Dáil Éireann - Volume 475 - 27 February, 1997
Written Answers. - Economic and Monetary Union.
Mr. D. Ahern Mr. D. Ahern
89. Mr. D. Ahern asked the Minister for Finance his views on a recent newspaper report (details supplied) which indicated the need for the development by the Government of a strategy for dealing with any sharp fall in the value of sterling after monetary union; and if he will make a statement on the matter. [5497/97]
Minister for Finance (Mr. Quinn) Ruairí Quinn
Minister for Finance (Mr. Quinn): I have seen the newspaper report mentioned by the Deputy, which referred to a forthcoming study by the National Economic and Social Council entitled European Union: Integration and Enlargement. I understand that the study in question is at present being finalised. Afterwards its recommendations will be carefully considered.
I am, naturally, aware that should the UK not join EMU from its inception on 1 January 1999, the possibility will exist of a sharp fall at some point in the value of sterling against the euro; and that this possibility is of concern to Irish businesses which face competition from UK companies. Of course, the UK Government has not yet decided whether the UK will join EMU from the  outset on 1 January 1999, but rather that the issue will be decided closer to that date.
Membership of EMU will reinforce the need to maintain and improve competitiveness and flexibility throughout the Irish economy. The Government has of course a central role in promoting an economic environment as conductive as possible to business success. The present environment is characterised by low inflation, sound public finances, low interest rates, moderate wage developments under Partnership 2000 and a high level of investment, which together have supported high economic and employment growth. In addition, recent budgets have contained a series of measures designed to improve competitiveness, including competitiveness vis-á-vis the UK. The Government will continue to bear in mind the importance of competitiveness in framing future budgetary strategy. However, it is primarily a matter for firms to equip themselves to respond to changes in the trading environment for their particular products and services.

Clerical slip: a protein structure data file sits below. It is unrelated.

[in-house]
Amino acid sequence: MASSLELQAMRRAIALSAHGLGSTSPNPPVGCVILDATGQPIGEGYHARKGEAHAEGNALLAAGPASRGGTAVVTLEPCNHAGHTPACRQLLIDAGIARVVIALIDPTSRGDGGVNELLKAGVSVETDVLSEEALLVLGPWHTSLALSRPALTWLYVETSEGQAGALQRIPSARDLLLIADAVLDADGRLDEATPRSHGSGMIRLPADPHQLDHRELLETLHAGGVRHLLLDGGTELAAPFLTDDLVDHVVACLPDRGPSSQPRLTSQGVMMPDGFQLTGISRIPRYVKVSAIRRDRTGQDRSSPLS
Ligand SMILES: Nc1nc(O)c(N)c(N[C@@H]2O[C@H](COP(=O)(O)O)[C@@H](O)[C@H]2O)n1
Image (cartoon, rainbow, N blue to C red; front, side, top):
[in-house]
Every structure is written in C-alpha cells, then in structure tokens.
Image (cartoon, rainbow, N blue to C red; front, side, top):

Under Partnership 2000, the Government is committed to continuing its efforts to ensure that Article 109m of the Treaty on European Union, whereby each non-euro area member state shall treat its exchange rate policy as a matter of common interest, is used to maximum effect, consistent with the Treaty, with a view to avoiding real exchange rate misalignments and excessive nominal exchange rate fluctuations. The principles and main elements of improved surveillance procedures covering all member states were agreed under the Irish Presidency and are now being discussed in detail. As the ECOFIN Council report endorsed by the European Council in Dublin pointed out, these procedures will seek to ensure that the domestic policies of all member states are geared to price stability and sound public finances, thus creating the conditions for keeping exchange rates stable. Member states which do not join the new Exchange Rate Mechanism as the UK has indicated it is unlikely to — will present policies so as to enable appropriate surveillance in the ECOFIN Council and in the General Council of the European Central Bank. ECOFIN and the Commission are considering further the methods for the effective surveillance of exchange rate developments.
Dáil Éireann 475 Written Answers. Economic and Monetary Union.